To screen wastewater with 1/4-in. perforated plate panels means the ability to capture a lot of material. The result? Mounds of trash and debris—of all sizes and odor types—are pulled from the wastewater channel along with plenty of fecal matter. That is where one may find value in JWC Environmental’s Screenings Washer Monster (SWM), a compactor incorporating a grinder, wash zones and a compactor to clean debris and fecal matter and produce a cleaner, drier screenings discharge.
Two large pollution control plants in Mississauga, Ontario, Canada, have installed 12 SWMs behind their fine screens. The headworks system screens out all debris and also cleans organics so that it does not cause major odor problems.
“We picked JWC’s screenings washers for a few reasons,” said William Fernandez, manager of capital projects for the Region of Peel government agency. “We are considering integrated fixed-film/activated sludge systems treatment for the future, and that requires fine screening down to 1/4 in. Since we were in the process of redesigning the headworks at both plants, we decided to go for it and install 1/4-in. perforated plate fine screens.”
North American Upgrade
In the early 2000s, few large treatment plants in North America were using fine screens. England and Europe were home to the largest fine screen installations; North American plants still used old bar screen technology, which lets a significant amount of small trash pass through. Region of Peel officials traveled to several European treatment plants to see what worked and what did not with the fine screens.
“It was obvious right away the handling of screenings from the fine screens was critical,” Fernandez said. “We saw compacting as a bottleneck or a pinch point in the process. Facilities used sluices, pumps or elaborate systems to get fecal matter out of screenings, and some systems created a lot of mess, in my opinion.”
To the design team, the fine screen was the easy part. It was the next step—the washer compactor—that would make or break the headworks. So engineers looked at several configurations and included grinders in order to break up clumps of soft organics wrapped in rags to be cleaned and compacted. The team sketched one design in which three screens feed a sluice into one grinder. If the grinder went down, however, then three screens would go offline.
“We finally concluded we needed one grinder-compactor per screen—a reliable operation,” Fernandez said. “The screen takes out all the stuff and a lot of fecal matter. If you don’t grind it, you are going to have horrendous odor problems.”
The 120-million-gal-per-day (mgd) Lakeview and 50-mgd Clarkson treatment plants in Mississauga underwent expansions in the mid 2000s to enhance their treatment processes. Black & Veatch and other firms assisted with the redesign and expansion. The facilities are owned by the Region of Peel and operated by the Ontario Clean Water Agency (OCWA), which provides water and wastewater services for 180 municipalities in the province.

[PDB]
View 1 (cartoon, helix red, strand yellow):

Fine screening removes nearly all inorganic debris at the headworks, and the benefits for the facility are tremendous but sometimes hard to see. Fernandez pointed to long-term savings (e.g., not having to muck out the inside of digesters, suck grit and trash out of the aeration basins or constantly unclog pumps full of rags). Using fine screens allows the facility to run longer and more efficiently. The savings are not immediately obvious, but over time they add up.
“They are working beautifully. This is the future,” Fernandez said of the new headworks. “It’s a lot better than the old bar screens.”
One visible sign of the fine screens’ success is the increased tonnage of screenings hauled to the landfill. Each week the two facilities send three to four times the metric tonnage they did when the bar screens were in use. Tonnage is up, according to Fernandez, but the cubic volume is down. The grinder cuts up debris and compacts it more tightly, saving dumpster space.
Plant operators also enjoy the benefits of fine screening. “I think the fine screens helped the plant a lot. We have fewer blockages in the raw sludge pumps,” said Nevin McKeown of OCWA. “In the aeration basins, we were getting rags and stuff building up on top of diffusers. Then when activated, it would cause pressure to increase on other diffusers and the heads just pop out. Most of the air leaks out. We’ve approximately doubled the removal of screenings—an indicator of how much stuff we were letting by with the old bar screens.”
McKeown also reported that the facility has banished an odorous problem caused by the old headworks: leaky dumpsters. Screenings would form a wet pool inside dumpsters that would then leak onto the ground. The SWM produces drier material that does not form a pool of smelly water, thus no more leaky dumpsters.
“The output is good, clean. That’s good for the amount of material those screens haul out,” said Mike Nelson, P.E., of Envirocan Wastewater Treatment Equipment Co., the machinery integrator on the project. “It is a showcase site, just beautiful. And the customer seems pleased: They just bought two more SWMs.”